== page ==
that you can efficiently plan a facility so that It can be argued that no simple idea in
you don't have to have a separate supervisor architecture has yet to deliver all of Bentham’s
for every type of detainee—you have visual promises. But one thing is for certain, no
and audio separation so that a single person amount of discourse—or advancements in
can monitor several of the groups from a architectural design—has preempted the
central location.” crime rate or correlating prison population. In
Among other architects, Sperry finds more fact, according to the Justice Department’s
common ground. Beverly Prior of Beverly Prior Bureau of Justice Statistics, the U.S. prison
Architects and the Academy of Architecture for population has risen more than 600 percent
Justice may not have signed Sperry’s petition, since 1977. At the end of 2004, there were 2.3
but she does see it as a valid conversation. million persons, approximately 1.9 percent of
“When I first shared this with people at the the population, behind bars, and the numbers
American Institute of Architects (AIA), there only seem to be on the increase.
were some people on the committee who As such, Sperry realizes that discontinuing
didn’t think I should touch it,” she says. prison construction is not imminent. He does,
“‘There’s no way you should be part of a dis- however, carry a larger directive.
cussion like this; we need to ignore it, not “Our message of the prison boycott is
give him any energy,’ they said. There were usually perceived as very negative,” Sperry says.
Photography by Christopher Frawley.
others, me being one, saying that it’s healthy “There is a correspondent component to our
to have this kind of conversation—we should message of doing community development
be participating in this.” as a way to achieve a higher level of public
She was not alone. In September 2005, the safety that is impossible with prisons as well
AIA found the issue important enough to have as other important goals. The idea is that
Frank J. Greene, a principal of New York’s Ricci- people commit crime a lot out of desperation
Greene Associates and the co-chair of the and out of lack of different opportunities, and
AIA/NY Chapter Committee on Architecture for we have a lot of communities that fail their
Justice and member of the Steering Committee residents because they leave them without that’s what architects overall want. Saying
of the National AIA Academy of Architecture for hope and without opportunity, and it would “no” to prisons is a very important part of that.
Justice, issue a response to Sperry’s proposal. take a major national program to build a Saying we’re going to make prettier prisons, it’s
“America may not need more prisons,” resurgence of those communities.” not part of that. It’s neither here nor there.”
Greene wrote, “but it desperately needs better “And we’d like architects, designers and HOK’s Fuller maintains that it’s not a design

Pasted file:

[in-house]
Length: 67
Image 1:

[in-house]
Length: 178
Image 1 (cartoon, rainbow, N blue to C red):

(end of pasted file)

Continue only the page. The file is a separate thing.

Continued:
ones. The differences between a state-of-the- planners to be engaged in that. I think building question that is going away. “I think that from
art correctional facility and ones built before prisons detracts from the opportunity to do the point of view of a bigger picture, we would
1970 are enormous. Old jails and prisons … that, not only because prisons are really argue that it's not just a matter of, ‘Do you
were at best warehouses and at worst factories expensive and there’s a limited construction build more or less?’ but how do you build
for producing hardened criminals. New budget, but also because the mentality that facilities that are responsive to the kinds of
direct-supervision, program-intensive facilities licenses the world’s largest per capita prison crimes and populations we are finding. It
are safe for inmates and staff, humane in population is incapable of envisioning these would suggest to me that it's not necessarily
their treatment of the incarcerated, and less kinds of safe, prosperous, contented communi- an issue of building more, but building the
expensive to operate.” ties for everybody. We need to do work to right kind of facilities.” He also concedes that
Of course, prison design is a longstanding change the mentality to one where people look an architect’s role ends with the punchlist.
issue of debate. As early as 1791 British philoso- out for their neighbors and want everybody to “Once we build the facility, it's out of our hands.
pher Jeremy Bentham offered Panopticon or succeed and are engaging in projects together, But there's a tremendous amount we can do
The Inspection-House an “idea of a new princi- making our country and our world a more during the planning and the design to encour-
ple of construction” rooted in the notion of sustainable, prosperous, beautiful place. I think age those kinds of good environments.”